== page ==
Because we are attached to our present life and to the person that we now seem to be, we are naturally reluctant to accept that this is all just a creation of our ego and therefore no more real than any other dream that we experience. However, if we want to experience what is actually real, we need to doubt the reality of everything that we now experience. The only thing that must necessarily exist is ourself, because whether everything else is real or just an illusion, we must exist in order to be aware of it. As Descartes argued, ‘I think, therefore I am’, though his argument would have been simpler and more robust if he had instead argued, ‘I am aware, therefore I am’, or ‘I experience, therefore I am’.
Other than ourself, there is nothing that certainly exists or is certainly real, because everything else that we perceive or experience could be just an illusion, like everything that we perceive or experience in a dream. While we are dreaming, we seem to be awake, so everything that we experience in a dream seems to be real so long as we are dreaming, and is found to be just a mental creation and hence unreal only after we wake up. Therefore just because we now seem to be awake and not dreaming does not mean that we are actually not dreaming, because we could be just dreaming that we are awake.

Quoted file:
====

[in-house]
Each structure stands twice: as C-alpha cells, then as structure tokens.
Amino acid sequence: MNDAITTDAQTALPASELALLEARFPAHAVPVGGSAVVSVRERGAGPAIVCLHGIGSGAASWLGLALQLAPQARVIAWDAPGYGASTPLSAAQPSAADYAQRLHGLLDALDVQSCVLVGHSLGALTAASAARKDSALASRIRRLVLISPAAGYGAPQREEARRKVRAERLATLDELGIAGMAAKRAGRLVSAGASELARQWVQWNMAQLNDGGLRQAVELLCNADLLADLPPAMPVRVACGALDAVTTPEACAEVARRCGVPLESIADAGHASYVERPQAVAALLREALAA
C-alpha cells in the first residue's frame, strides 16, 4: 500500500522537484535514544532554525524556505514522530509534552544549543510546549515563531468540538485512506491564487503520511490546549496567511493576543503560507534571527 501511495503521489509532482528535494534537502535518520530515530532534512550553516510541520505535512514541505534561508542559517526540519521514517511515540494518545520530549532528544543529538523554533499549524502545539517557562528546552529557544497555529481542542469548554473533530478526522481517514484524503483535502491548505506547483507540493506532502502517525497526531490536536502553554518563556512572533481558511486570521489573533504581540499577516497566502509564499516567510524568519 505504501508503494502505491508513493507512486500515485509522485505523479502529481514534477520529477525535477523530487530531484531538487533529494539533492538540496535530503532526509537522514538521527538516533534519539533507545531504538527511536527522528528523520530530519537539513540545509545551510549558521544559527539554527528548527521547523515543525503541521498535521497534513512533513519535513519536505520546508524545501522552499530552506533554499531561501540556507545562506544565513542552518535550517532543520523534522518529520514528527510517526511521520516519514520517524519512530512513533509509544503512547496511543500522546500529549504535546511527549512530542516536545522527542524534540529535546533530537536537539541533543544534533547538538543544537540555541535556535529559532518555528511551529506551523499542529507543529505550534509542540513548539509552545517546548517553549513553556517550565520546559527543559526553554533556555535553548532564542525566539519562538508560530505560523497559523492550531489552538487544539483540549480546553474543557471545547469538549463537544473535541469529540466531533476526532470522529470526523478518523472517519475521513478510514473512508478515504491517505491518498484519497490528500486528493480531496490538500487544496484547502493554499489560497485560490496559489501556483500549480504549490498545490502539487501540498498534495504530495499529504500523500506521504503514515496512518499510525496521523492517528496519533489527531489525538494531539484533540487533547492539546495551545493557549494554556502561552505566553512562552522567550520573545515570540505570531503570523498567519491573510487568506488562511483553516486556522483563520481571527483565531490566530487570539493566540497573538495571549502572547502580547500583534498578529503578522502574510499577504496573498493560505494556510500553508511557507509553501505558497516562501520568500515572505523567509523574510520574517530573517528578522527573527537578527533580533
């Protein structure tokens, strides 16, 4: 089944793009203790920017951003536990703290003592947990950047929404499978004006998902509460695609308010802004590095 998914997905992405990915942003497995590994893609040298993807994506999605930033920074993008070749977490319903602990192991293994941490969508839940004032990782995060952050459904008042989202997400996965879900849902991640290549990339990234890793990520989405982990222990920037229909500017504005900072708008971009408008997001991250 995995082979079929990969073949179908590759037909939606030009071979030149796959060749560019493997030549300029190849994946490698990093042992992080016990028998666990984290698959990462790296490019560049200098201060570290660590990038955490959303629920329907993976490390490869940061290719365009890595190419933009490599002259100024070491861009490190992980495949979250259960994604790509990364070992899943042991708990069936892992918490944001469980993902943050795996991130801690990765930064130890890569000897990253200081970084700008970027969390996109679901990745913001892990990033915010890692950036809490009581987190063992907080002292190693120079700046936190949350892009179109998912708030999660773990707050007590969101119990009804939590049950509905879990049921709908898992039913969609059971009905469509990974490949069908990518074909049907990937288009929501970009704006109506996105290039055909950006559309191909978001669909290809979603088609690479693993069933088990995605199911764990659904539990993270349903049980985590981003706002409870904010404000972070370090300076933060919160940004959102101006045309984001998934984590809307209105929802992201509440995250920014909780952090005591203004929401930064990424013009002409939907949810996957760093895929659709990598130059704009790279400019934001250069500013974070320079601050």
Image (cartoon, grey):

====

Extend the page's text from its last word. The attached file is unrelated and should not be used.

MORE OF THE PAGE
Algeciras argued that the ‘fact’ that the world exists in the absence of the ego in sleep ‘would be easily proved by a film camera which would film all the scene’, but whatever may be filmed would not prove anything, unless we could watch the film while sleeping, which we obviously cannot. If someone were to argue with us in a dream that the world exists while we are asleep, and if they were to show us a film of our body sleeping in our bed, would that prove anything? No, it obviously would not, because the film we were shown was part of our dream, the whole of which was just a creation of our ego. Likewise, even if we now watch a film of our body sleeping in our bed, that would not prove that our body or the world existed while we were asleep, because if our present state is just a dream, that film would just be part of this dream.